The entire possible set of outcomes of a random experiment is sample space of that experiment. The likelihood of occurrence of an event is known as probability. The probability of occurrence of any event lies between 0 and 1.

The sample space for tossing of three coins simultaneously is given by:

S = {(T , T , T) , (T , T , H) , (T , H , T) , (T , H , H ) , (H , T , T ) , (H , T , H) , (H , H, T) ,(H , H , H)}

Suppose, if we want to find only the outcomes which has at least two heads; then the set of all such possibilities can be given as:

E = { (H , T , H) , (H , H ,T) , (H , H ,H) , (T , H , H)}

Thus, an event is a subset of the sample space, i.e., E is a subset of S.

There could be a lot of events associated with a given sample space. For any event to occur, the outcome of the experiment must be an element of the set of event E.

### Types of Events in Probability

1. Impossible Events

If the probability of occurrence of an event is 0, such an event is called as impossible event and if the probability of occurrence of an event is 1, such an event is called as sure event. In other words, the empty set ϕ is an impossible event and the sample space S is a sure event.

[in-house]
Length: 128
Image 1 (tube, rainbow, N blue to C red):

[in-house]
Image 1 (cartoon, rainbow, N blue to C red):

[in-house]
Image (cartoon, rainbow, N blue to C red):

2. Simple Event

Any event consisting of a single point of the sample space is known as a simple event. For example: If S = {56 , 78 , 96 , 54 , 89 } and E = {78}, then E is a simple event.

3. Compound Event

Contrary to simple event, if any event consists of more than one single point of the sample space, then such an event is called as compound event. Considering the same example again If S = {56 ,78 ,96 ,54 ,89 } and $$E_1$$ = {56 ,54 }, $$E_2$$ = {78 ,56 ,89 }, then $$E_1$$ and $$E_2$$ represent two compound events.

4. Independent Events and Dependent Events

If the occurrence of any event is completely unaffected by the occurrence of any other event, such events are known as independent event in probability and the events which are affected by other events are known as dependent events.

5. Mutually Exclusive Events

If occurrence of one event excludes the occurrence of other event, such events are mutually exclusive events i.e. two events don’t have any common point. For example, if S = {1 , 2 , 3 , 4 , 5 , 6} and $$E_1$$ and $$E_2$$ are two events such that $$E_1$$ consists of numbers less than 3 and $$E_2$$ consists of numbers greater than 4.That is, $$E_1$$ = {1,2} and $$E_2$$ = {5,6} . Then, $$E_1$$ and $$E_2$$ are mutually exclusive.

6. Exhaustive Events

A set of events is called as exhaustive if all the events together consume the entire sample space.